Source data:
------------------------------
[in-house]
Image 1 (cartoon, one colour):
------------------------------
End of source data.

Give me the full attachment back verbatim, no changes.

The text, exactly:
[in-house]
Image 1 (cartoon, one colour):